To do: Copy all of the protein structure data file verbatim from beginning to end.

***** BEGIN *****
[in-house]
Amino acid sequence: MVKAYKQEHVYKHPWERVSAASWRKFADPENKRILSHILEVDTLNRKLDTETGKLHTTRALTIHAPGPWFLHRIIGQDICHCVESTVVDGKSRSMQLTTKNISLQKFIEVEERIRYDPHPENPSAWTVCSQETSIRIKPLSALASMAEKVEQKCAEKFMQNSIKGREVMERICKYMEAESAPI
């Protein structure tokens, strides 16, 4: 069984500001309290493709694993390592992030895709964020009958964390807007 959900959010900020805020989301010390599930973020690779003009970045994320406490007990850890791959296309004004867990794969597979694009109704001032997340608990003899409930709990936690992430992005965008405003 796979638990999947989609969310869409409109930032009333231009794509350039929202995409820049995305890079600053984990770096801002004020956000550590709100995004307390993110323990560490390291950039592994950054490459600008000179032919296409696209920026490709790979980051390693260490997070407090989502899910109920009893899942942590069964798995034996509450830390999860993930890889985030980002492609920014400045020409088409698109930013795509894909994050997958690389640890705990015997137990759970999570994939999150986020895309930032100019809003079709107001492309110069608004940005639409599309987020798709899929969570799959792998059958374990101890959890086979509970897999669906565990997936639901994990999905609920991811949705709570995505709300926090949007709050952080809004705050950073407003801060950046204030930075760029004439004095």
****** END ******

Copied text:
[in-house]
Amino acid sequence: MVKAYKQEHVYKHPWERVSAASWRKFADPENKRILSHILEVDTLNRKLDTETGKLHTTRALTIHAPGPWFLHRIIGQDICHCVESTVVDGKSRSMQLTTKNISLQKFIEVEERIRYDPHPENPSAWTVCSQETSIRIKPLSALASMAEKVEQKCAEKFMQNSIKGREVMERICKYMEAESAPI
């Protein structure tokens, strides 16, 4: 069984500001309290493709694993390592992030895709964020009958964390807007 959900959010900020805020989301010390599930973020690779003009970045994320406490007990850890791959296309004004867990794969597979694009109704001032997340608990003899409930709990936690992430992005965008405003 796979638990999947989609969310869409409109930032009333231009794509350039929202995409820049995305890079600053984990770096801002004020956000550590709100995004307390993110323990560490390291950039592994950054490459600008000179032919296409696209920026490709790979980051390693260490997070407090989502899910109920009893899942942590069964798995034996509450830390999860993930890889985030980002492609920014400045020409088409698109930013795509894909994050997958690389640890705990015997137990759970999570994939999150986020895309930032100019809003079709107001492309110069608004940005639409599309987020798709899929969570799959792998059958374990101890959890086979509970897999669906565990997936639901994990999905609920991811949705709570995505709300926090949007709050952080809004705050950073407003801060950046204030930075760029004439004095």